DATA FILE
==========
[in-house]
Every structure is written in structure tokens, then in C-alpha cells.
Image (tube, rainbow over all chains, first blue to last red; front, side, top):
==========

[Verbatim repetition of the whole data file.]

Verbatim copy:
[in-house]
Every structure is written in structure tokens, then in C-alpha cells.
Image (tube, rainbow over all chains, first blue to last red; front, side, top):